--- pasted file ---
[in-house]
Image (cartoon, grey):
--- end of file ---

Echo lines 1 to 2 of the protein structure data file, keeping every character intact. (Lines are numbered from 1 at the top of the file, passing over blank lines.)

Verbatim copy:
[in-house]
Image (cartoon, grey):